The quantity and proportion of rural Mesoamerican household diet that comes from maize, the major crop, is critically important to understanding Mesoamerican food systems. Household maize consumption figures commonly used in studies of rural Mesoamerican agriculture, based on estimates made by household heads, are often between 500 and 900 grams per person per day. In contrast, estimates of daily per capita maize consumption based on studies of family food intake are much lower, ranging from 260 to 440 grams. Several lines of evidence, including estimated caloric requirements of the populations, suggest that estimates based on studies of dietary intake are more accurate than the higher figures based on informants' estimates. To obtain more reasonable estimates of household maize consumption, investigators should 1) elicit estimates of maize consumption using local units of measure and convert these estimates to weights based on weighing samples of local units, 2) collect data on weights of lime-cooked maize households pay to have ground daily at local mills and convert these into corresponding weights of dry maize, or 3) rely on estimates derived from local or regional studies of dietary intake.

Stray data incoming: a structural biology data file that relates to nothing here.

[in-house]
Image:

This content is only available as a PDF.
You do not currently have access to this content.